Front Page Titles (by Subject) Sect. II.—: The Radical Party. - Ireland: Social, Political, and Religious, vol. 2
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Sect. II.—: The Radical Party. - Gustave de Beaumont, Ireland: Social, Political, and Religious, vol. 2 
Ireland: Social, Political, and Religious, ed. W.C. Taylor (London: Richard Bentley, 1839). Vol. 2.
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The Radical Party.
If the Tory party is by its nature unfit for the great reforms that Ireland requires, is not the party most capable of these reforms that whose doctrines are most opposed to those of the Tories, and which represents in the English nation the opinions most favourable to movement and progress, as the Conservative party expresses the passions most friendly to immobility?
We may certainly grant that if the English Radical party were in power, it would effect great reforms in Ireland. Still it would not be a task exempt from difficulty to determine what acts should be expected from its principles. We clearly perceive its general tendency towards democracy, but it would be difficult to say how far it goes on this road. Its march is uncertain, its theories vague, its plans are not yet formed. Either because it does not itself know the object to which it advances, or that it fears to frighten England by showing it, it is certain that this object is not clearly perceived. In its largest and most explicit professions of faith, the Radical party claims annual parliaments, universal suffrage, and vote by ballot; important reforms, without doubt, but which are means, rather than ends. We may, it is true, foresee that if the Radicals were masters of parliament and power, they would abolish the political and civil privileges of the aristocracy, and thus remove one of the greatest obstacles to the abolition of the same privileges in Ireland. But who can tell when the Radical party will have the power of executing such reforms? The party is at present small; it has little influence with the English nation, for it is too far in advance of the people; it counts but few members in parliament, and power is so far from it, that we need not inquire how power would be used by the party. Even had the party sufficient strength to deprive the English and Irish aristocracy of their civil and political privileges, could it at the same time abolish their religious privileges,—that is to say, the reform which in Ireland must precede all others? We may doubt it. And the obstacle by which it would be checked would be found within itself.
These religious passions, which we have already seen as powerful in England, are, perhaps, nowhere more active than with the Radical party, where they are more violent and less enlightened than in any other. In truth, the Radical party being principally composed of dissenters from the established church, the fanaticism of religious party, which pushes it towards democracy, would, in this respect, appear favourable to Ireland; but at present its passions are Protestant, rather than democratic, and the Irish are Catholics. The English dissenters, most of whom are Radicals, are assuredly enemies of the supremacy of the church; still they would hesitate to overthrow it in Ireland, through fear of giving a triumph to the Catholics. These passions of the Radical party against Ireland grow weaker every day, and are combated by the leaders of the party with all their might; still they occasionally burst forth. To quote only one example; when, after various attempts, a plan was formed by the English government for paying the Catholic clergy of Ireland, a fierce opposition was kindled by the dissenters, who branded as an act of impiety the payment of Popish priests by a Protestant state. Thus the Radicals, like the Tory party, might be stopped short at its first step in Irish reform by a cause arising from religion; with this difference, that the Radicals, in forbearing to attack the supremacy of a church so essentially aristocratic as that of Ireland, would do violence to their political principles, whilst the Tories, by preserving it, would act consistently with their passions, their doctrines, and their interests.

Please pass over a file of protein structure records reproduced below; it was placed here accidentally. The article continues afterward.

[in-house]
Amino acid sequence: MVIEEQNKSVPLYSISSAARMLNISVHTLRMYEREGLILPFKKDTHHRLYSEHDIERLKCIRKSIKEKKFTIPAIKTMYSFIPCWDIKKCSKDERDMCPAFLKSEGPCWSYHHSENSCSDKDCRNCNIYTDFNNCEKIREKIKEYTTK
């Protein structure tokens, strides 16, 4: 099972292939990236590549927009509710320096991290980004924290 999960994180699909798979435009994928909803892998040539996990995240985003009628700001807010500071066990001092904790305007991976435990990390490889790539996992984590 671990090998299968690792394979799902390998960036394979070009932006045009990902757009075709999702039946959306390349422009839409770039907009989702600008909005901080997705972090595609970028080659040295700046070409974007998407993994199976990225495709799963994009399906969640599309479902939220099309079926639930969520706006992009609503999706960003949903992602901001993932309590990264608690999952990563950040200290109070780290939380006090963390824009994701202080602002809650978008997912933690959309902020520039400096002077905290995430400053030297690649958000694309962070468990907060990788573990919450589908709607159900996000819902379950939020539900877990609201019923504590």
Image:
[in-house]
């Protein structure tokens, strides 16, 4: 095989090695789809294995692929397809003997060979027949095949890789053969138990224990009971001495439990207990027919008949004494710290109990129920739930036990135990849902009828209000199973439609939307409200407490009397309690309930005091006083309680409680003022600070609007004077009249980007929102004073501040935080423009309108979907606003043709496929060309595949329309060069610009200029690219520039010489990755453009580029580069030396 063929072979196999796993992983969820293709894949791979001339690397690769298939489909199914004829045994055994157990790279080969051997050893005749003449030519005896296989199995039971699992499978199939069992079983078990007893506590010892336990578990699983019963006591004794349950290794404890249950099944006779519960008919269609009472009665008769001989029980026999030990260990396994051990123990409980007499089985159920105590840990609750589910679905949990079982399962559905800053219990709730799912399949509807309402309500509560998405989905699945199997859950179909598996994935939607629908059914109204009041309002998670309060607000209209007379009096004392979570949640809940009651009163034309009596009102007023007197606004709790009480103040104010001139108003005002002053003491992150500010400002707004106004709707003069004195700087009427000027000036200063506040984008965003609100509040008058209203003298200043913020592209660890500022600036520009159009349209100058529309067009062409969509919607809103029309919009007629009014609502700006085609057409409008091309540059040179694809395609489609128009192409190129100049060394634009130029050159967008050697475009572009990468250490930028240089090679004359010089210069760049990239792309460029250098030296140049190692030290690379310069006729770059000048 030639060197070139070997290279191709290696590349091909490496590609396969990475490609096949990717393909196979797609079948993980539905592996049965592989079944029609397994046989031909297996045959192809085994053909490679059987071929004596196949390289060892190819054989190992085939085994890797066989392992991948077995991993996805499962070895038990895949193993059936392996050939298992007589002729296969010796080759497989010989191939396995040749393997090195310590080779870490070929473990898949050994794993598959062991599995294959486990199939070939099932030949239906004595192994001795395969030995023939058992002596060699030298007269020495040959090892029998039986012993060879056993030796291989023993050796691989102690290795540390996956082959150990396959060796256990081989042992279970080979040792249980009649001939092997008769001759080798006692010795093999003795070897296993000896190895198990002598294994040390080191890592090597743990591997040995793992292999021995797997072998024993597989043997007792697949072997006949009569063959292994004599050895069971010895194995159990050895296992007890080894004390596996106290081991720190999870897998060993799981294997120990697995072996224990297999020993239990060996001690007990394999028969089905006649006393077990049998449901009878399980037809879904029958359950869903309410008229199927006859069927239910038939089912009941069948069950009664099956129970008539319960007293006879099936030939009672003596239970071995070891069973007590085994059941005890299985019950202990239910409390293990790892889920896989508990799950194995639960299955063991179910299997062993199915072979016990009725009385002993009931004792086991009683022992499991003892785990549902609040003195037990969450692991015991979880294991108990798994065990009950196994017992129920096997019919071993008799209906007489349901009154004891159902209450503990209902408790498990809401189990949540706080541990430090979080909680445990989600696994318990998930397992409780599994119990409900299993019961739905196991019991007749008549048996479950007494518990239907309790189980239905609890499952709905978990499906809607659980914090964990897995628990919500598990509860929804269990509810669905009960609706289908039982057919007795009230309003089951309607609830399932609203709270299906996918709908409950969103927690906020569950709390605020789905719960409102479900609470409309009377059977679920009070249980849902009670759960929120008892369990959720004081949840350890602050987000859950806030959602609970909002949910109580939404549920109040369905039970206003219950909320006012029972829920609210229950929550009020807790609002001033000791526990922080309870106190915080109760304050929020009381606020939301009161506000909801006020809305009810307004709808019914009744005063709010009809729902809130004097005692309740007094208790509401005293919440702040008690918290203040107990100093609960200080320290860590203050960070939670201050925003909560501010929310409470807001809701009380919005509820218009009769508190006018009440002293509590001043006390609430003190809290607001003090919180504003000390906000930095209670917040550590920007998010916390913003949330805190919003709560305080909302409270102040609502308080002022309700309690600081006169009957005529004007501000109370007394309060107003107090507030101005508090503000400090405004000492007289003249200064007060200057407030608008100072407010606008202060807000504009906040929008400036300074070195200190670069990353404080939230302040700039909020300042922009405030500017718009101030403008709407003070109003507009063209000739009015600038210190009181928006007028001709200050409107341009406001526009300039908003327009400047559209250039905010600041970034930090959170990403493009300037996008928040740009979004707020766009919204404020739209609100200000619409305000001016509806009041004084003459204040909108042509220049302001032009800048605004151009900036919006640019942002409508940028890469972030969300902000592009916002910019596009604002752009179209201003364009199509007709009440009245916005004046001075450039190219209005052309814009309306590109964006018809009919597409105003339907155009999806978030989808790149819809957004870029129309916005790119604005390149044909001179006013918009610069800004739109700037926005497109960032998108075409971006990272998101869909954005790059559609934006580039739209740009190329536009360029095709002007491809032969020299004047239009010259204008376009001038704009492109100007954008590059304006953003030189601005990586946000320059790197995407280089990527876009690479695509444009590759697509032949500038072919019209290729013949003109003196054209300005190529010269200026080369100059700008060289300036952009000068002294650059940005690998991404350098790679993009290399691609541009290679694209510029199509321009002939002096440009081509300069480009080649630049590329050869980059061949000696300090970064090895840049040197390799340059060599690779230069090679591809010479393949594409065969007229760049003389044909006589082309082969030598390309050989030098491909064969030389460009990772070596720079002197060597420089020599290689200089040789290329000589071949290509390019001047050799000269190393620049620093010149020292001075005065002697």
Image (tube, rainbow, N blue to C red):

Let us add, that the prejudices of the Englishman against the Irishman, the contempt which the first so commonly feels for the second, are nowhere so strong as amongst the lower classes, where the Radicals naturally look for support.
The preceding observations apply with still greater force to an extreme Radical party which quite recently has manifested itself in England, and which, collecting large assemblages, is distinguished by a singular violence of language, and a great exaggeration of theories. In direct opposition to the moderate Radicals, who, not to alarm England, doubtless announce less than they wish to effect, this new party seems anxious to terrify the Conservative interests as much as possible: not that its doctrines give a clear idea of its projects; it does not say precisely what it will do, but takes care to spread abroad that it will accomplish great and terrible things; it is not satisfied with reform, it demands revolution; its motto is, the employment of physical force; it collects multitudes at night by torch-light, and, to remove all doubt respecting its designs, it invokes the memory and proceedings of Danton. It is doubtful if the Radical party, composed principally of the most fanatic dissenters of England, would do more for Ireland than the moderate Radicals: but what is certain is, that it would have far less power, for it has gone so far in advance of the people that it has left the nation behind altogether.